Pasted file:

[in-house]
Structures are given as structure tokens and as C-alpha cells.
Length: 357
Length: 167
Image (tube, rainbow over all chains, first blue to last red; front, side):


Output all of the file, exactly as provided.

[in-house]
Structures are given as structure tokens and as C-alpha cells.
Length: 357
Length: 167
Image (tube, rainbow over all chains, first blue to last red; front, side):